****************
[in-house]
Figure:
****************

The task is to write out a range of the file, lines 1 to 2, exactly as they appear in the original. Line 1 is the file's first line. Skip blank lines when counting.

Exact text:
[in-house]
Figure: